The best thing about the holidays is playing with your new gadgets – and the worst thing is struggling with your new gadgets. But fear no more: We have compiled a few key tips for new owners of the Roku media player to improve their set-up and get the most out of the device. Did you for example know that you can use your Roku as a DVR, and that there are hundreds of channels you won’t find in the channel store? Check out more essential tips below:
Setting up your Roku
One of the biggest issues that people run into with streaming media devices is a slow or inconsistent Wifi connection. Big, solid walls, microwave ovens or cordless phones can ruin your Netflix fun, especially when you are watching in HD. If you have a Roku 2 XS, I’d strongly recommend that you hard-wire the device with an Ethernet cable. And if you don’t want to string a long cord through your living room, adding a HomePlug AV device to the mix might do the trick. Check the end of this article for more details on this kind of accessory.
Unfortunately, the Roku 2 LT, HD and XD devices don’t have an Ethernet port, so you’ll have to make do with Wifi. Try to move the router closer to your TV and avoid unnecessary obstacles if you run into issues, or upgrade to a 802.11n router if nothing else helps. Also, check out the video embedded below for more advice on how to improve your Netflix streaming:
Watching great content on the Roku
Roku’s media streamers offer access to a few hundred content channels, and hundreds more are available with a little bit of tinkering. Make sure to check out the following choices:
- Netflix is a no-brainer: The video subscription service now offers access to more than 57,000 movies and TV show episodes for as little as $8 per month. Check out our Netflix tipps and tricks to get the most out of your Netflix subscrtiption.
- Hulu Plus is a great choice to catch up on currently running TV shows.
- Amazon now offers free access to thousands of TV shows and movies, including Showtime shows like The Tudors and Fox classics like Arrested Development, to subscribers of its Amazon Prime shipping service.
- Roku also offers lots of live sports, religious services, video podcasts and other specialized content through its channel store. Most of these channels are free, but some come with subscription fees. But wait, there’s more: A few hundred additional private channels, including adult content and foreign TV networks, can be accessed through special access codes. Check out this post to learn how you add private channels, and then browse Roku-Channels.com to find all those private channels.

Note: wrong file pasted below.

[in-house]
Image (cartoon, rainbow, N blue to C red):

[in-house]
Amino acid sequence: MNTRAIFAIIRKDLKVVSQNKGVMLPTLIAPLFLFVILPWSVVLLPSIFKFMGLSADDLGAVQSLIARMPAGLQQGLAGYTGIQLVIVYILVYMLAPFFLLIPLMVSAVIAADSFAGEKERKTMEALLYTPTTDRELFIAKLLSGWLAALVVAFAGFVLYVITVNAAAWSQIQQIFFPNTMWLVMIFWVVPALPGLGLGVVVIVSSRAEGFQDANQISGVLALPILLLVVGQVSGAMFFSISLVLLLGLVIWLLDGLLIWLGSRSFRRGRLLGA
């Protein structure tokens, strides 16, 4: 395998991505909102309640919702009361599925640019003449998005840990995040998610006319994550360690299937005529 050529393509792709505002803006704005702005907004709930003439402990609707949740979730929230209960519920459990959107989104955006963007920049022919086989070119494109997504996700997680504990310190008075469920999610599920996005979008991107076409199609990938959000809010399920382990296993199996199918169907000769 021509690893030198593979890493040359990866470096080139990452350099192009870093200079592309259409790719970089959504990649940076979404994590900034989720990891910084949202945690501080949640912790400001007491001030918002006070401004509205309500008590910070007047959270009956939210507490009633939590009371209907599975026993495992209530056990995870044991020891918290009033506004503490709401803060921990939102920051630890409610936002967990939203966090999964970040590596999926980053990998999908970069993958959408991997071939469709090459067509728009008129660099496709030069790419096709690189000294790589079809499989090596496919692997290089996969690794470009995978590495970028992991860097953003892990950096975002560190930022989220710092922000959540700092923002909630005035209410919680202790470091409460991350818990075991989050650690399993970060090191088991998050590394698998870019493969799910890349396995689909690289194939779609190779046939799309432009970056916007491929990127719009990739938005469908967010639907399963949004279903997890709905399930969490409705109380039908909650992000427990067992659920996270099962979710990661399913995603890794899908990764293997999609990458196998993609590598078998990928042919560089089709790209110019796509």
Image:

- Roku is optimized for online content, but you can also use the device to play your locally-stored photos, music files and home videos. Only the Roku 2 XS comes with a USB port to play content from a thumb drive or hard disk, but you can play videos stored on any PC or Mac in your home network with any Roku model. Check out the video below to learn how:
Note: The YouTube channel shown in this video is unfortunately not available anymore.
Funny how good gifts make you want to buy more stuff, isn’t it? The Roku is no exception, and there are a few things worth considering:
- As mentioned above, nothing beats a hard-wired connection to stream HD content. HomePlug AV devices like the WD Livewire simply use your home’s electric circuitry to stream video from your router to your Roku, which makes them a great choice for any user of the Roku 2 XS. Check out our detailed review here.
- Roku’s media players aren’t just good for streaming, you can also use them to play games like Angry Birds on the big screen TV. The Roku 2 XS already comes with a motion-aware remote control, but new owners of the Roku 2 XD or HD don’t need to miss out either: Roku sells its motion remote online, albeit for a somewhat steep price of $30. So if you really want to play games on your Roku, but you don’t have the option to return the one you got as a gift and exchange it for a Roku 2 XS, this could be one way to go.
- The last suggestion may be a little more for tinkerers than your average Roku user, but owners of an EyeTV tuner can turn their Roku into a DVR that works in concert with a Mac in your home network. Check out the video below to learn how: